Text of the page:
Recent weeks have seen a blizzard of media stories and reports, including one from the Council of Economic Advisors, about whether the War on Poverty was a success. What a surprise—Democrats tend to say it worked wonders while Republicans judge it to be a flop. However, there is one impact of President Johnson’s War on Poverty that everyone should agree has been a terrific success, although a future problem looms. I’m referring to the positive impacts of the War on Poverty on the health, life expectancy, and poverty rates of the elderly. The three programs that account for these impacts on the elderly are Social Security, Medicare, and Medicaid. Johnson expanded the first and created the second two.
Eligibility for Social Security is based primarily on insurance principles and does not involve a means test. Rather, the benefit is an earned insurance payment in the sense that money is deducted from nearly everyone’s earnings, beginning with the first dollar, and credited to an individual account for nearly every worker in the U.S. Then at retirement, the Social Security Administration makes some complicated calculations to determine the size of each individual’s Social Security benefit. The benefit bears a rough relationship with the history of an individual’s earnings, with the important exception that the formula works in such a way that as a ratio of benefits to earnings, the benefits are progressive. Generally, Medicare works in similar fashion – people pay into an account in exchange for health insurance protection when they are elderly. As Eugene Steuerle and Caleb Quakenbush of the Urban Institute show in a 2013 report, an average two-earner couple retiring in 2010 will have paid lifetime taxes of $747,000 to Social Security and Medicare combined and will receive lifetime Social Security and Medicare benefits of $985,000. The ratio of benefits received to taxes paid is higher for low-income couples and lower for wealthy couples.
The major benefit of the Social Security program is to increase retirement income and thereby help the elderly avoid poverty and all that poverty implies. The Census Bureau’s annual poverty data show just how effective Social Security has been in fighting poverty. In 1966, a year after Johnson expanded Social Security and enacted Medicare and Medicaid, elderly poverty was 28.5 percent. By 2012, it had fallen to 9.1 percent, a decline of about 68 percent. An analysis by Gary Engelhardt and Jonathan Gruber of M.I.T. showed that virtually all the reduction in poverty among the elderly between 1968 and 2001 was due to Social Security benefits.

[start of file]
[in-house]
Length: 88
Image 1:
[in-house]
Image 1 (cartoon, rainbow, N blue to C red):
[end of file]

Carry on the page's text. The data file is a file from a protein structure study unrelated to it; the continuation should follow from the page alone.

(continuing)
But it is not only Social Security cash that protects the elderly from poverty. Related to poverty and equally important is the health care received by the elderly from Medicare and Medicaid. Health care is a major reason the elderly live and remain active longer than ever before. Life expectancy in 1965 was around 70 years. That figure increased to almost 79 years by 2011. Taking into account the fraction of the elderly’s health care bill paid by Medicare (and in some cases Medicaid as well) shows how important government-provided health insurance is to the well-being of the elderly. An analysis by Gary Burtless and Pavel Svaton of Brookings found that elderly households in the bottom tenth of the income distribution received health insurance payments equal to 130 percent of their income. Obviously, the poor elderly would not have been able to afford all the health care they needed if it were not for Medicare and Medicaid, the programs that paid nearly the entire health care bill for elderly people at the bottom of the distribution. Nor are only the poor elderly helped. Even if we move up the distribution to the 60th percentile, the elderly are still receiving government health insurance benefits equal to about a quarter of their income. Finding a way to pay even a quarter of their income to purchase health care would impose a serious burden on these relatively well-off elderly households. Thus, it is not only the very poor elderly who are helped by Medicare and Medicaid. In addition to the cash value of health benefits received by poor- and moderate-income elderly is the psychic value of knowing that their health care needs are going to be met, in large part by the government’s health care programs.
We don’t have an easy method of calculating how much these War on Poverty benefits mean to the physical and psychological well-being of the elderly, but the figures summarized above show that without these programs the elderly would have a greatly diminished quality of life—not to mention that their lives would be shorter. Unfortunately, both Social Security and Medicare rest on funding mechanisms that must be reformed for the long-term financial health of the programs themselves and of the entire federal budget. The federal budget cuts of recent years show that the great achievements of the War on Poverty for the elderly are now being purchased by imposing costs on other groups of Americans.
Todd Stern speaks at The Economist’s Climate Risks Summit.